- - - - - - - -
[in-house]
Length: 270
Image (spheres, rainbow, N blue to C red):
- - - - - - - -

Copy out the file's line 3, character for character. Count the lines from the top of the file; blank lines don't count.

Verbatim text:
Image (spheres, rainbow, N blue to C red):